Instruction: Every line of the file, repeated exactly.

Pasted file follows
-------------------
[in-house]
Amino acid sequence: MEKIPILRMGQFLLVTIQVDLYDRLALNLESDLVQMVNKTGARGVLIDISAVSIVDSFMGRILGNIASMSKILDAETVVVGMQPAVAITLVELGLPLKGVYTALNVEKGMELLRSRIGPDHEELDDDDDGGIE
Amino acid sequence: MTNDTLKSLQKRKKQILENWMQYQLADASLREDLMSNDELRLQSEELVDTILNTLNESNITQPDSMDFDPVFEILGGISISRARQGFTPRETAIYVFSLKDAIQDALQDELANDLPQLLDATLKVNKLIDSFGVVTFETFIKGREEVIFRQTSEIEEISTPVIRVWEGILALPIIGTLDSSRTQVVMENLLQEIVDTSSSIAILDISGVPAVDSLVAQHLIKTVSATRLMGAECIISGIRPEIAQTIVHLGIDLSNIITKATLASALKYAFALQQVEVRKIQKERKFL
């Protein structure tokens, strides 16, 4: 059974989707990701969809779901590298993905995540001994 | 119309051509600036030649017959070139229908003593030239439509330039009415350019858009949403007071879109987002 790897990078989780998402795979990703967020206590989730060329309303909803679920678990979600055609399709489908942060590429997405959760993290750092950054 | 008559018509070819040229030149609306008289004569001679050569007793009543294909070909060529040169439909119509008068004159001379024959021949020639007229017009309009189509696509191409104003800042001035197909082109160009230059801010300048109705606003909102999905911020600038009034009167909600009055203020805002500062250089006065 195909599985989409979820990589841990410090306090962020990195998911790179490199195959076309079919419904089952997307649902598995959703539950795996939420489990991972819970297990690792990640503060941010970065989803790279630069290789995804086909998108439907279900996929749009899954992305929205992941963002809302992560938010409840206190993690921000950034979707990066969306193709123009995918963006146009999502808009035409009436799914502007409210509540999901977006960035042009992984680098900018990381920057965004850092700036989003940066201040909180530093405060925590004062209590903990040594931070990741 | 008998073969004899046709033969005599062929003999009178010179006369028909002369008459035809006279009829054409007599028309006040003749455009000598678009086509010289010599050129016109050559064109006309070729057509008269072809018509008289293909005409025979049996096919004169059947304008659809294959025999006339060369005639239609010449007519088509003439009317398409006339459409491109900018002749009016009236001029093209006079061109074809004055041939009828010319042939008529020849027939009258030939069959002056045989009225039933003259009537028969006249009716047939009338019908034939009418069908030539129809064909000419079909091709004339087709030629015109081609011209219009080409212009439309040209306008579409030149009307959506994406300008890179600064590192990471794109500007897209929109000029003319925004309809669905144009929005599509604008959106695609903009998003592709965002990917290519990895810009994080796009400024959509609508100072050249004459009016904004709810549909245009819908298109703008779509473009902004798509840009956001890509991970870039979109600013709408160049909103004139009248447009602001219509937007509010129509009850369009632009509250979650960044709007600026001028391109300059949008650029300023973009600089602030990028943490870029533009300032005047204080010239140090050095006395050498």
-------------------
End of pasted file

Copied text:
[in-house]
Amino acid sequence: MEKIPILRMGQFLLVTIQVDLYDRLALNLESDLVQMVNKTGARGVLIDISAVSIVDSFMGRILGNIASMSKILDAETVVVGMQPAVAITLVELGLPLKGVYTALNVEKGMELLRSRIGPDHEELDDDDDGGIE
Amino acid sequence: MTNDTLKSLQKRKKQILENWMQYQLADASLREDLMSNDELRLQSEELVDTILNTLNESNITQPDSMDFDPVFEILGGISISRARQGFTPRETAIYVFSLKDAIQDALQDELANDLPQLLDATLKVNKLIDSFGVVTFETFIKGREEVIFRQTSEIEEISTPVIRVWEGILALPIIGTLDSSRTQVVMENLLQEIVDTSSSIAILDISGVPAVDSLVAQHLIKTVSATRLMGAECIISGIRPEIAQTIVHLGIDLSNIITKATLASALKYAFALQQVEVRKIQKERKFL
């Protein structure tokens, strides 16, 4: 059974989707990701969809779901590298993905995540001994 | 119309051509600036030649017959070139229908003593030239439509330039009415350019858009949403007071879109987002 790897990078989780998402795979990703967020206590989730060329309303909803679920678990979600055609399709489908942060590429997405959760993290750092950054 | 008559018509070819040229030149609306008289004569001679050569007793009543294909070909060529040169439909119509008068004159001379024959021949020639007229017009309009189509696509191409104003800042001035197909082109160009230059801010300048109705606003909102999905911020600038009034009167909600009055203020805002500062250089006065 195909599985989409979820990589841990410090306090962020990195998911790179490199195959076309079919419904089952997307649902598995959703539950795996939420489990991972819970297990690792990640503060941010970065989803790279630069290789995804086909998108439907279900996929749009899954992305929205992941963002809302992560938010409840206190993690921000950034979707990066969306193709123009995918963006146009999502808009035409009436799914502007409210509540999901977006960035042009992984680098900018990381920057965004850092700036989003940066201040909180530093405060925590004062209590903990040594931070990741 | 008998073969004899046709033969005599062929003999009178010179006369028909002369008459035809006279009829054409007599028309006040003749455009000598678009086509010289010599050129016109050559064109006309070729057509008269072809018509008289293909005409025979049996096919004169059947304008659809294959025999006339060369005639239609010449007519088509003439009317398409006339459409491109900018002749009016009236001029093209006079061109074809004055041939009828010319042939008529020849027939009258030939069959002056045989009225039933003259009537028969006249009716047939009338019908034939009418069908030539129809064909000419079909091709004339087709030629015109081609011209219009080409212009439309040209306008579409030149009307959506994406300008890179600064590192990471794109500007897209929109000029003319925004309809669905144009929005599509604008959106695609903009998003592709965002990917290519990895810009994080796009400024959509609508100072050249004459009016904004709810549909245009819908298109703008779509473009902004798509840009956001890509991970870039979109600013709408160049909103004139009248447009602001219509937007509010129509009850369009632009509250979650960044709007600026001028391109300059949008650029300023973009600089602030990028943490870029533009300032005047204080010239140090050095006395050498």